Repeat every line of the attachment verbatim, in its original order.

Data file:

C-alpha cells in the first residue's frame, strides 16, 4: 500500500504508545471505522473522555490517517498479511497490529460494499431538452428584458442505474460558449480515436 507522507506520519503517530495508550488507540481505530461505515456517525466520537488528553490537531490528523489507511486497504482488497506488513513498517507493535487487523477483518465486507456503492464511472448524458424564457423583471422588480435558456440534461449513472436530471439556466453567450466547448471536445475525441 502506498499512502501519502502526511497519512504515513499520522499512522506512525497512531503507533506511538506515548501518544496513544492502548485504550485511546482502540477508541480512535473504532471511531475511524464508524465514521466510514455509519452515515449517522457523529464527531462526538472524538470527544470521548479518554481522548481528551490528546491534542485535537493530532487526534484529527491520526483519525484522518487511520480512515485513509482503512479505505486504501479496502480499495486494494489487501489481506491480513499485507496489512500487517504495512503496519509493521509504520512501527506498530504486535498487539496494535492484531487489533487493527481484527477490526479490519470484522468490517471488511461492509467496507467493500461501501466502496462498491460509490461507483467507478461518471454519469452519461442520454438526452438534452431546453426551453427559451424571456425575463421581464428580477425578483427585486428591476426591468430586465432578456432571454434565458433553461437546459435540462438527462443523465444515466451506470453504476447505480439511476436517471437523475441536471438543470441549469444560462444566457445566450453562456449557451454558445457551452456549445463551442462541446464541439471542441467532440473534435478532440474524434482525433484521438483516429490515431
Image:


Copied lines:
C-alpha cells in the first residue's frame, strides 16, 4: 500500500504508545471505522473522555490517517498479511497490529460494499431538452428584458442505474460558449480515436 507522507506520519503517530495508550488507540481505530461505515456517525466520537488528553490537531490528523489507511486497504482488497506488513513498517507493535487487523477483518465486507456503492464511472448524458424564457423583471422588480435558456440534461449513472436530471439556466453567450466547448471536445475525441 502506498499512502501519502502526511497519512504515513499520522499512522506512525497512531503507533506511538506515548501518544496513544492502548485504550485511546482502540477508541480512535473504532471511531475511524464508524465514521466510514455509519452515515449517522457523529464527531462526538472524538470527544470521548479518554481522548481528551490528546491534542485535537493530532487526534484529527491520526483519525484522518487511520480512515485513509482503512479505505486504501479496502480499495486494494489487501489481506491480513499485507496489512500487517504495512503496519509493521509504520512501527506498530504486535498487539496494535492484531487489533487493527481484527477490526479490519470484522468490517471488511461492509467496507467493500461501501466502496462498491460509490461507483467507478461518471454519469452519461442520454438526452438534452431546453426551453427559451424571456425575463421581464428580477425578483427585486428591476426591468430586465432578456432571454434565458433553461437546459435540462438527462443523465444515466451506470453504476447505480439511476436517471437523475441536471438543470441549469444560462444566457445566450453562456449557451454558445457551452456549445463551442462541446464541439471542441467532440473534435478532440474524434482525433484521438483516429490515431
Image: